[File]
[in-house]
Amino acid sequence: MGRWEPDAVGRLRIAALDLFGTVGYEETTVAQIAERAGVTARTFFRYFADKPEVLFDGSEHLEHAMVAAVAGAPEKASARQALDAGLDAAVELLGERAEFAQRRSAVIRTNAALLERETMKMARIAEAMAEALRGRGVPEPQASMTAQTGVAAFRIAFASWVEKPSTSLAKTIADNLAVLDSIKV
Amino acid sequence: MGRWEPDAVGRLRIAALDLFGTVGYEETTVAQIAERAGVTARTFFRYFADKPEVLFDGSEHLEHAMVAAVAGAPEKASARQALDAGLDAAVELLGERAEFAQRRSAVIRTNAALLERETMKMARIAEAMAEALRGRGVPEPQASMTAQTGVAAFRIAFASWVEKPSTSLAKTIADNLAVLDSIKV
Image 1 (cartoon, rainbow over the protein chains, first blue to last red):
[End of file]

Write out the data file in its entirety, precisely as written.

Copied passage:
[in-house]
Amino acid sequence: MGRWEPDAVGRLRIAALDLFGTVGYEETTVAQIAERAGVTARTFFRYFADKPEVLFDGSEHLEHAMVAAVAGAPEKASARQALDAGLDAAVELLGERAEFAQRRSAVIRTNAALLERETMKMARIAEAMAEALRGRGVPEPQASMTAQTGVAAFRIAFASWVEKPSTSLAKTIADNLAVLDSIKV
Amino acid sequence: MGRWEPDAVGRLRIAALDLFGTVGYEETTVAQIAERAGVTARTFFRYFADKPEVLFDGSEHLEHAMVAAVAGAPEKASARQALDAGLDAAVELLGERAEFAQRRSAVIRTNAALLERETMKMARIAEAMAEALRGRGVPEPQASMTAQTGVAAFRIAFASWVEKPSTSLAKTIADNLAVLDSIKV
Image 1 (cartoon, rainbow over the protein chains, first blue to last red):